Yesterday, I learned the coolest parent trick ever, thanks to my fabulous partner, A.J. And today, I offer it to you.
Meanwhile, today's Login is 1,379 words, a 5-minute read.
Despite an onslaught of scrutiny and scandal over the past few years, Facebook closed out the second decade of the millennium stronger than ever, as Axios' Sara Fischer reports.
The big picture: The tech giant brought in nearly $70 billion in revenue for 2019, up more than 25% from the year prior and up more than 1,300% from 2012, the year it went public.
Why it matters: Facebook's continued ability to post double-digit revenue growth every year speaks to its ability to innovate and adapt, even in the face of regulatory headwinds and increased competition.
Driving the news: Facebook said Wednesday on its fourth-quarter earnings call that it settled a class-action privacy-violation lawsuit by Illinois residents for $550 million. The news comes just months after Facebook settled a suit by the Federal Trade Commission by paying $5 billion — the largest such penalty in U.S. history.
Be smart: Facebook has kept itself growing in recent years by getting more creative about advertising formats and products, while still adhering to its focus on promoting free expression and making advertising tools broadly accessible.
The bottom line: Facebook recognizes that there's a gulf between its prodigious growth and its beleaguered reputation. On an investor call following Facebook's earnings report Wednesday, CEO Mark Zuckerberg said that over the next decade, his goal was to close that gap by being more transparent about Facebook's values.
"We're focused on communicating more clearly about what we stand for. One critique of our approach for much of the last decade is that because we wanted to be liked, we didn't want to communicate our views as clearly, because we worried about offending people.... Our goal for the next decade isn't to be liked, but understood. In order to be trusted, people need to know what we stand for."— Zuckerberg
Illustration: Aïda Amer/Axios
The largest tech companies are responding to the Chinese coronavirus outbreak in two main ways: limiting employee travel to China and trying to make sure their users have access to accurate health information.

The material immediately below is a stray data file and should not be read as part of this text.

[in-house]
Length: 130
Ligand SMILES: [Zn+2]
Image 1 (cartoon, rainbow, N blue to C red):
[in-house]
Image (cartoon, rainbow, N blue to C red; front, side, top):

Why it matters: Like the virus itself, the spread of misinformation is hard to slow.
Driving the news:
Our thought bubble: The big question now is whether the outbreak and travel limits lead to lost revenue or product delays.
Meanwhile: On the content front, Google, Facebook and Twitter are all taking steps to promote verified information.
Illustration: Aïda Amer/Axios
U.S. critics of Huawei are ramping up a campaign to make the Chinese telecom giant a global pariah even as key American allies remain unsold on the case against the company, Axios' Scott Rosenberg reports.
Where it stands: U.S. officials and experts advocating blocking trade with Huawei lack hard evidence of Beijing-backed misdeeds, so they're asking the rest of the world to make choices based on "what if" scenarios.
Driving the news: U.K. Prime Minister Boris Johnson announced Tuesday that the U.K. would use Huawei as one supplier for "non-core" parts of its 5G network.
The big picture: U.S. efforts to quarantine Huawei come as the Trump administration pursues a trade war with China and Americans grow more concerned over Beijing's willingness to bend technology to its own ends.
The case against Huawei relies on two key scenarios.
1. Espionage: Huawei critics and human rights experts, citing the company's close relationship with China's government and military, along with the provisions of China's 2017 National Intelligence Law, say that any country that uses the company's equipment to build a next-generation 5G wireless network will open its communications networks to Chinese spying and surveillance.
2. Sabotage: In a future crisis, Huawei critics say, use of the company's equipment in key networks could render them vulnerable to surprise attacks or give China access to U.S. energy facilities, factories and other critical infrastructure.
Throughout this conflict, which began early in 2018 and ramped up dramatically last year when the U.S. declared a national emergency and barred U.S. firms from trade with Huawei, the Chinese company has vehemently denied any wrongdoing.
The catch: The spying and cyberwarfare scenarios that drive U.S. efforts to block Huawei from the global 5G market remain theoretical at this point.
The bottom line: The intelligence community broadly believes Huawei can't be trusted. But in the absence of evidence, many in industry remain skeptical, and allied governments aren't falling in line with the U.S.
Photo: Courtesy of Spatial
Spatial, a company that creates team workspaces in virtual reality, has landed $14 million in new funding, bringing its total raised to $22 million.
Why it matters: Spatial has some impressive technology, but will likely need to play a long game, as VR adoption has proven to be slower than once hoped.
My thought bubble: The most interesting thing about Spatial is the way it works across phones and different VR headsets, including Oculus, Microsoft Hololens and Qualcomm's new XR2 reference design. I had the chance to try it out last year at Snapdragon Summit, and the cross-platform capabilities are impressive.
What instrument do you play? Oh, I play the barcodes. (You'll need sound for this one.)